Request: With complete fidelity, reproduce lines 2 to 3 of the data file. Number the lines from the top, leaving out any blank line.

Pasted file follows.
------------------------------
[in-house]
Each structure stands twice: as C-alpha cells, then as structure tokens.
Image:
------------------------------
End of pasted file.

Each structure stands twice: as C-alpha cells, then as structure tokens.
Image: